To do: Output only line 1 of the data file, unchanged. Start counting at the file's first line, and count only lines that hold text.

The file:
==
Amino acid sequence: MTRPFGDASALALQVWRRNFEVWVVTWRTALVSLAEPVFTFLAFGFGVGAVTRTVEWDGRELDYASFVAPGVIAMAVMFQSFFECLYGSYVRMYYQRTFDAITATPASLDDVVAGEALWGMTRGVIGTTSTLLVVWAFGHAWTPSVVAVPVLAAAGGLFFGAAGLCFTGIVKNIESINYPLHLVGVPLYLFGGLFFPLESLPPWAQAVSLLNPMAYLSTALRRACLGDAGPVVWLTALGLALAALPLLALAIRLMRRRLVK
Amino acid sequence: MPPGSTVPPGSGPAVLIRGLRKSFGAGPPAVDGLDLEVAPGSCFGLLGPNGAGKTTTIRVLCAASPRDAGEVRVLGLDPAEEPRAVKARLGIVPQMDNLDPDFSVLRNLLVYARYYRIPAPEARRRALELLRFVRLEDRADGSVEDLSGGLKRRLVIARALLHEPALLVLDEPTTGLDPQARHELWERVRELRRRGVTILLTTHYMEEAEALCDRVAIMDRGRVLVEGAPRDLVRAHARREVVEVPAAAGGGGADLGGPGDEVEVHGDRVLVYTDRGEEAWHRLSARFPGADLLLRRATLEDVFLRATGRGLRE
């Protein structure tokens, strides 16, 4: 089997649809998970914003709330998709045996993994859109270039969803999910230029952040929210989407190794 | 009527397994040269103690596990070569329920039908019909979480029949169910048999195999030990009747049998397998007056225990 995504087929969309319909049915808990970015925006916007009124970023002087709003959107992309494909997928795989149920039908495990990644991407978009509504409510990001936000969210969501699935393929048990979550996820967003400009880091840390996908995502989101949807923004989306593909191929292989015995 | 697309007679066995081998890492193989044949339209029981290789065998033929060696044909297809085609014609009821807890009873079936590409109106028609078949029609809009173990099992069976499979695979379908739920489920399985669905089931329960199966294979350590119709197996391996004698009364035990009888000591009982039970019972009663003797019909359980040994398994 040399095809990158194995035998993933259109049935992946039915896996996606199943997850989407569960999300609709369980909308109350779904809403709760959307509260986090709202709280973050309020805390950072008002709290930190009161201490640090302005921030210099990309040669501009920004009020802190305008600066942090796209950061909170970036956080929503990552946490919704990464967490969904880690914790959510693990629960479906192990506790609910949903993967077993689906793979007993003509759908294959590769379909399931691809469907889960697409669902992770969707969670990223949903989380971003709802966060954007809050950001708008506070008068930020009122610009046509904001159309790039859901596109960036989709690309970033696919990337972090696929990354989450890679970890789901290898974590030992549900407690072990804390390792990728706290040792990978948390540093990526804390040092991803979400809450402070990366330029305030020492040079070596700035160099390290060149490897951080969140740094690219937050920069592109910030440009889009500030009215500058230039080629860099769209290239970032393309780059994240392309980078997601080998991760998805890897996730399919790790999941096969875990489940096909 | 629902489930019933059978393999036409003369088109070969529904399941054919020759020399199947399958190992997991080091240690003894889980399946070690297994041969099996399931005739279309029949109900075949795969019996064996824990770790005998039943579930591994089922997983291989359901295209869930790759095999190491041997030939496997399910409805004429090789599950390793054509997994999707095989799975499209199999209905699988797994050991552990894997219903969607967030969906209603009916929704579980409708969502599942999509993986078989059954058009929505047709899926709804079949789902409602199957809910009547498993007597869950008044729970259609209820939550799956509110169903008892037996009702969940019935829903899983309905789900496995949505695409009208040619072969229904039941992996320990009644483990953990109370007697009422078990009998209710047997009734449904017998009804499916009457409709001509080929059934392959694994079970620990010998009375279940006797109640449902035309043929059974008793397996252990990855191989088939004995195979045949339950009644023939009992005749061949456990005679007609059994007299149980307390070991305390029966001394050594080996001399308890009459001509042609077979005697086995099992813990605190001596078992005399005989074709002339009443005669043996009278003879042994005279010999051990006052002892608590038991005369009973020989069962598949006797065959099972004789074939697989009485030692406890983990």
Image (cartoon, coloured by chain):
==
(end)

Amino acid sequence: MTRPFGDASALALQVWRRNFEVWVVTWRTALVSLAEPVFTFLAFGFGVGAVTRTVEWDGRELDYASFVAPGVIAMAVMFQSFFECLYGSYVRMYYQRTFDAITATPASLDDVVAGEALWGMTRGVIGTTSTLLVVWAFGHAWTPSVVAVPVLAAAGGLFFGAAGLCFTGIVKNIESINYPLHLVGVPLYLFGGLFFPLESLPPWAQAVSLLNPMAYLSTALRRACLGDAGPVVWLTALGLALAALPLLALAIRLMRRRLVK